BP sponsorship of Portrait Prize ‘a problem’, says judge

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Gary Hume.
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Hume came to prominence with other YBA creatives in the 1990s

Artist and judge of this year’s Portrait Award by BP, Gary Hume, has said it’s time to look elsewhere for sponsorship of the BP Portrait Award.

The National Portrait Gallery prize has been sponsored by BP for 30 years but the energy company has faced growing criticism over environmental issues.

Hume told BBC Radio 4’s Today programme that BP “was now a problem”.

In a statement, the National Portrait Gallery said BP’s support “enables free admission for the public”.

With the winner of the prize due to be announced later on Monday, Hume told Radio 4: “It’s a good moment to say it because it’s the day of the announcement.

“It will focus people’s minds on exactly on who is sponsoring and who has been sponsoring for many years.”

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Hopkins/Pironti

He said he didn’t take part in choosing the winner and that he decided to voice his views following the recent Extinction Rebellion climate change protests.

“I was very moved by Extinction Rebellion. It woke me up. I thought it’s about time for me to actually do something, too.

“After the judging, I decided to write to Nick [Cullinan, director of the National Portrait Gallery] to say BP was now a problem. BP has been a solution in the 20th Century, and in the 21st Century, it’s a problem.”

He added: “BP could continue to support the National Portrait Gallery without putting their name anywhere, it could be an anonymous gift.

“Without the institutions such as BP making a concerted effort… we haven’t got a chance.”

When asked how hard it would be to find another sponsor, Hume said: “I think it would be difficult, it’s always difficult, and with Brexit, it’s incredibly hard to raise money.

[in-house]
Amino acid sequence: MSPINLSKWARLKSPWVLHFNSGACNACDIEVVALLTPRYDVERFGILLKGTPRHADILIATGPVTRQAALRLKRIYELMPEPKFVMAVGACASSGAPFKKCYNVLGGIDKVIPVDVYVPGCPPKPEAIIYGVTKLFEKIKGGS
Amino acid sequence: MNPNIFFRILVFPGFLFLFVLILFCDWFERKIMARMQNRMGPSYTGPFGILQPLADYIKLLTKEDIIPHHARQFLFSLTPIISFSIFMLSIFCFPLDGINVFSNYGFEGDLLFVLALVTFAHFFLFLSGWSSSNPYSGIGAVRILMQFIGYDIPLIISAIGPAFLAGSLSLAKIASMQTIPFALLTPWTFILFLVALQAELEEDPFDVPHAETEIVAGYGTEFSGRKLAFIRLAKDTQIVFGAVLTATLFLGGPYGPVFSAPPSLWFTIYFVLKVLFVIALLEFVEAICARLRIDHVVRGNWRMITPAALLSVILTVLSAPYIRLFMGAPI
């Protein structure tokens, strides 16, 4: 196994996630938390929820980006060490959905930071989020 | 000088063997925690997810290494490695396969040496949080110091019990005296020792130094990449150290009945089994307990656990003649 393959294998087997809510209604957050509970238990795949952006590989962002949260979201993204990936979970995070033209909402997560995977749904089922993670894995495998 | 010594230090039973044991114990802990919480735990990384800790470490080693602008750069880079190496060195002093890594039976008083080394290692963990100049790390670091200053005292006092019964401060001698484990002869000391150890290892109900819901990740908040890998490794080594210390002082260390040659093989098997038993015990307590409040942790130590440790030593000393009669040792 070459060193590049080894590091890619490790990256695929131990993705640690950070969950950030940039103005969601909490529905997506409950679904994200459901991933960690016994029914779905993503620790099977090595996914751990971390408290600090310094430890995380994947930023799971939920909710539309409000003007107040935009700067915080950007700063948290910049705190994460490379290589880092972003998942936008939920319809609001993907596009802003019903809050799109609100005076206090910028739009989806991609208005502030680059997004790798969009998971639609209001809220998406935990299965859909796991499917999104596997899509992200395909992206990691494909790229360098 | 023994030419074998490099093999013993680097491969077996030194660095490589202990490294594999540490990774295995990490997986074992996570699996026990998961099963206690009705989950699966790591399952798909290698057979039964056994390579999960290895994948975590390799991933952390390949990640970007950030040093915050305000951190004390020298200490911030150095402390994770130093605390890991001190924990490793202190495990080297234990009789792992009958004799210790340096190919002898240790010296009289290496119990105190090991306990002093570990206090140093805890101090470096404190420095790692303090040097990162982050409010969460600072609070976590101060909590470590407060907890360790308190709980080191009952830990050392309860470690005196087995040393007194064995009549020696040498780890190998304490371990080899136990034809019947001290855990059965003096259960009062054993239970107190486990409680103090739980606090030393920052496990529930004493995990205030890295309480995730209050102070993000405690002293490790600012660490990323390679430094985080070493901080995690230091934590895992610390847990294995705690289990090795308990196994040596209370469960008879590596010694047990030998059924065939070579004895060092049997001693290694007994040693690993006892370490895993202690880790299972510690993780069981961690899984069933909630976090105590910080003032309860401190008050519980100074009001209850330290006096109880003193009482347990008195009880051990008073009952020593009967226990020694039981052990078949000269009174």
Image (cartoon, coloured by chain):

“It’s not going to be simple but I’m afraid sometimes you have to pay the price.”

He said he would be willing to sacrifice the prize but added: “I don’t think it will come to that.”

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Climate change protests took place across the globe last month

The National Portrait Gallery statement read: “The National Portrait Gallery respects other people’s rights to express their views and we are grateful to all the artists and judges who have contributed to our annual Portrait Award, which represents the very best of contemporary portrait painting by artists from all over the world.

“While partly supported by grant-in-aid from government, which accounts for 33% of total income, the National Portrait Gallery works with a wide range of companies in support of its exhibitions and displays.

“The sponsorship of the Portrait Award by BP is now in its 30th year. This support directly encourages the work of talented artists and helps gain wider recognition for them and enables free admission for the public, over 275,000 visitors in London last year.

“Since 2010, BP has also given special support to the BP Portrait Award: Next Generation programme which encourages 14 to 21 year olds to become involved in painted portraiture.”

The BBC has also contacted BP for comment.

BP shareholders overwhelmingly voted for a climate change resolution at the BP’s AGM last month.

The resolution, which was proposed by a group of investors called Climate Action 100+, will mean the oil giant must set out a business strategy consistent with the goals of the Paris Agreement to keep global warming to well below 2 degrees centigrade.

Several other artists, including previous winners of the BP Portrait Award, also wrote a letter to Cullinan requesting that the gallery ends the sponsorship deal with BP, including Wim Heldens and Craig Wiley.

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